Spanish conquered Aztecs in 1521. The city of Tenochtitlan fell to Hernan Cortez and his allies. Cortez had arrived on the shores several months before. Montezuma, leader of the Aztecs, felt Cortez might be one of their gods, Quetzalcoatl. Montezuma made the fighters feel welcome, but ultimately the Spanish turned on the Aztecs. Children can read some great background information at: Aztecs.
Women joined the United States Marines for the first time in 1918. Opha Mae Johnson was the first of 305 women to enlist that day. They performed clerical duties in the United States so that males could fight in World War I. During World War II, female marines served overseas. Today women comprise about seven percent of the entire corps. Children can learn more at: Women Marines.
Berlin Wall was built in 1961. Before the wall was built, people from East Berlin were escaping to West Berlin. The wall was built to deter any more immigration. It was torn down starting November 9, 1989.
International Lefthanders Day honors lefties. It was first observed in 1976. About ten percent of the population is lefthanded. Famous lefthanders include Ben Franklin, Harry Truman, Gerald Ford, Bill Clinton, and Barack Obama. Children could learn more at: http://www.lefthandersday.com/.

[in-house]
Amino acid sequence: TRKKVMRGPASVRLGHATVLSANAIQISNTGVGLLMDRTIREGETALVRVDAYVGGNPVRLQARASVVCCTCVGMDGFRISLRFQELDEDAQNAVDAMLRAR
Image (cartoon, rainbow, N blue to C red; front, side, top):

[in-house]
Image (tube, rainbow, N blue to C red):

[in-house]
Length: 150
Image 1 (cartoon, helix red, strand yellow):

John Logie Baird (born Hellensburgh, Scotland, 1888; died Beyhill, England, June 14, 1946) was an early pioneer in television development.
William Caxton (born Kent, England, 1422; died London, England, 1491) was the first printer to publish a book in English. Older children could read some of his works at: Project Gutenberg.
Ruth Stiles Gannett (born New York, New York, 1923) writes books for children. Her book My Father’s Dragon received a 1949 Newbery Honor Award. Her other works include Katie and the Sad Noise. Children can read My Father’s Dragon at: Project Gutenberg.
Alfred Hitchcock (born London, England, 1899; died Beverly Hills, California, April 29, 1980) was a movie director. He specialized in movies providing high suspense. Two of his most famous movies were The Thirty-Nine Steps and The Birds.
Annie Oakley (born Phoebe Ann Moses in Darke County, Ohio, 1860; died Greenville, Ohio, November 3, 1926) was a sharpshooter. She joined Buffalo Bill Cody’s Wild West Show in 1885. She amazed audiences for years with her skills, including shooting the cigarette out of her husband’s mouth. Idea: Children could find out how she got the last name Oakley. They might want to read Robert Quackenbush’s Who’s That Girl with the Gun?
Lucy Stone (born West Brookfield, Massachusetts, 1818; died Boston, Massachusetts, October 18, 1893) campaigned for women’s rights. Her father did not believe women should have college educations. She had to work for nine years to earn the money to go to Oberlin College. She was the first woman from Massachusetts to earn a college degree. Children could learn more at: Lucy Stone.